3200 Marshall Avenue, Suite 290
Norman, Oklahoma 73072
405-325-3694The Southwest Center for Human Relations Studies (SWCHRS) was established at the University of Oklahoma in 1961 with the primary mission of extending the resources of the University to communities in the Southwest faced with civic conflict and controversy. The immediate impetus for the creation of a full-time center was a large annual two-week workshop for public school personnel attempting to comply with court school integration decisions. The Center was first privately supported by individuals interested in societal pluralization and intergroup relations agencies such as the Anti Defamation, National Association for the Advancement of Colored People (NAACP), National Conference for Community and Justice (NCCJ), American Jewish Committee (AJC), and others.
Soon thereafter, the center's programs extended beyond schools to intergroup relations training for elected officials, American Indians, journalists and editors, pastors and counselors, law enforcement agencies, and others concerned with human rights. The mission of the Center has remained focused on human relations, although its specific programs have changed with political and social issues.
At the height of the Civil Rights movement, there were several (seven) university-based units similar to the University of Oklahoma's Southwest Center for Human Relations Studies. All but three were on the east coast and most were subsumed within Colleges of Education and concerned with school desegregation. The SWCHRS was conspicuous for its ability to deal with a multiplicity of issues, including school desegregation. In fact, at the request of the United States Court for Western Oklahoma, the Center wrote the first desegregation plan for Oklahoma City.
The original mission of the Center was capsulized in the phrase "to ameliorate conflict and controversy at the community level." The focus was to bring the resources of the entire University of Oklahoma to bear on the foment, violence, and acrimony associated with the rapid social changes of the late 50s and early 60s. The "community" term was intended to keep the center out of a one-on-one counseling role and focused on intergroup relations. Through the years, the mission of the Center has changed to reflect social needs, but until recent years has kept two emphases—intergroup relations as our primary concern, and we brokering the expertise of the entire university in conflict situations.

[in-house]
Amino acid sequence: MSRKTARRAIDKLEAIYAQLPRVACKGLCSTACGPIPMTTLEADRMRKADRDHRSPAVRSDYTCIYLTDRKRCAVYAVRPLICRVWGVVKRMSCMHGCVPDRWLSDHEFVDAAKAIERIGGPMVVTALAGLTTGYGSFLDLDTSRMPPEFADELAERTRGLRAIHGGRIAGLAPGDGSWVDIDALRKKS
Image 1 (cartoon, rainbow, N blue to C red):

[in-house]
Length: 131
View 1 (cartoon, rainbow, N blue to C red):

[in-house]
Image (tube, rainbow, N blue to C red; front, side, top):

Historically, the Southwest Center for Human Relations Studies has maintained the capability to offer training in a broad range of relevant areas to all types of clients: police, municipal officials, business executives (especially concerned with pluralism in the workplace), the military, religious leaders, editors and publishers, school administrators, the courts and legal professionals, and others.
Role as Change Agent
The Center was created in response to the need for a more direct involvement on the part of the University of Oklahoma with communities of the state and regions as they faced (and still face) rapid social change. The role of the Southwest Center for Human Relations Studies is that of a change agent taking a proactive role. The Center is not only concerned with human rights, but human relations, and works in the fields of prejudice and incivility as directly as once worked in the fields of injustice and illegal denial of constitutional rights. The Center's mission is only broadened by the social changes of the last few decades, and still is proactive and serves as a change agent for the social good of all disadvantaged people.
Now, the Center's primary focus is multicultural issues and concerns, and is devoted to the study, understanding, and resolution of human conflict and promoting understanding and cooperation among people of different racial, ethnic, religious, and economic backgrounds. The Center serves as a catalyst in bringing together leaders from various institutional and societal sectors to address important cultural diversity issues and to explore methods to effect equal opportunities in the critical life spheres of education, employment, housing, economic well-being, health care, public safety and related areas affecting the quality of life in communities of Oklahoma, the surrounding region, and the nation.
The range of the Southwest Center's activities fall into the four major categories of Education, Research, Public Service, and Consultation. Within these broad areas, the Center offers a range of capabilities and services including: providing educational and training programs through special institutes, conferences, workshops, and seminars; developing client-based training programs focusing on cultural diversity, and cross-cultural communication in both educational and workplace settings; developing and disseminating information about various populations and critical issues and concerns that impact their lives; assessing community and institutional problems and formulating policy recommendations; and performing applied community studies, needs and capabilities assessment, and program evaluations.
This is a non-campus group.
Geographical Scope: National
Added on 04-14-2008
Updated on 04-14-2008